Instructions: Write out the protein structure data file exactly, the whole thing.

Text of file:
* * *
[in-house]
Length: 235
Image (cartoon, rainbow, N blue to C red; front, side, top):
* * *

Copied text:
[in-house]
Length: 235
Image (cartoon, rainbow, N blue to C red; front, side, top):